Court ruling puts utility regulator races back on the ballot; Georgia plaintiffs eye appeal
Two statewide races are back on the November ballot after a federal appeals court blocked a lower court’s ruling that would have postponed the elections until after the state Legislature adopted a new process that no longer diluted Black voting power.
The 11th Circuit Court of Appeals on Friday stopped the U.S. District Court injunction from going into effect, siding with the Secretary of State’s request to move ahead with the Public Service Commission district races as the underlying case is being resolved.
Last week, U.S. District Judge Steven Grimberg ruled that the commission’s at-large district elections violate the Voting Rights Act by hindering Black voters’ ability to elect their preferred candidates into powerful positions that regulate Georgia Power and other utilities.
Grimberg’s ruling would have postponed the races until at least January, when state lawmakers would have had their first chance to replace the statewide voting method that the judge ruled has led to Black voters being vastly underrepresented despite making up about one-third of the state’s population.
With a 2-to-1 decision, the appeals court cited the timing of the injunction as a factor, referencing a U.S. Supreme Court case in which justices warned against making changes too close to an election. Election Day is now less than three months away.
The state argued that although the lawsuit centers on the interplay of race and politics, having the election remain on Nov. 8 “will promote confidence and stability in the election system by ensuring effective appellate review before making significant changes to the Georgia election system.”
In the two races, appointed Republican Commissioner Fitz Johnson faces Democrat Shelia Edwards and GOP District Commissioner Tim Echols is fighting off a challenge from Democrat Patty Durand and Libertarian Colin McKinney.
If the district court ruling had been upheld, Echols and Johnson would have remained in their current positions until single-member voting district elections were held.
Johnson became the lone current Black commissioner on the five-member board after being appointed last year by Republican Gov. Brian Kemp to finish Chuck Eaton’s term.
After initially being elected in 2010, Echols is vying for a third term. His opponent, Durand, is awaiting a ruling in Fulton County Superior Court on her eligibility after a new GOP-drawn map removed her from Echols’ district.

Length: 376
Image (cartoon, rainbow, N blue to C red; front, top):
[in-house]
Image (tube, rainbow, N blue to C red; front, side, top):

The four Black Georgia plaintiffs plan to appeal to the U.S. Supreme Court as they seek district-level elections that they argue will increase their chances to elect state regulators who better heed Black residents’ concerns about the costs of electricity.
“We are disappointed in the Eleventh Circuit’s decision to grant a stay but remain confident that the District Court’s detailed, well-reasoned ruling in favor of our clients will ultimately be upheld on appeal,” plaintiff attorney Bryan Sells said.
Despite comprising over 30% of the voting-age population, the PSC’s majority Black metro Atlanta district has only ever elected one Black commissioner.
The state, however, says that political partisanship is the primary factor determining why the majority of Black voters prefer a candidate instead of race and that all voters have equal access to the ballot box.
Judge Robin S. Rosenbaum disagreed with her colleagues, saying that it is a worst-case scenario to move ahead with electing two commissioners if the final court ruling ends up favoring the plaintiffs.
“On the one hand, we could simply postpone an election for a few months while we determine whether the district court erred in finding that the current system violates the Voting Rights Act,” wrote Rosenbaum.
“But if we allow the election to go forward, we run a risk. If we (as I think likely) determine that the current system violates the Voting Rights Act, then Black Georgians in Districts 2 and 3 are stuck—for the next six years, until 2029—with commissioners whom they didn’t have their full role in selecting,” Rosenbaum added.
Each of the current five commissioners are Republicans, continuing the GOP’s control of PSC for the better part of two decades, a turnaround from when its first party member was elected in 1992.
In 1998, Georgia’s Democratic majority in the Legislature established residency requirements for the commission as their statewide power began to wane and rural south Georgia was losing representation to candidates from around Atlanta. That change ended the practice of conducting elections under the same statewide electorate system as other races like governor.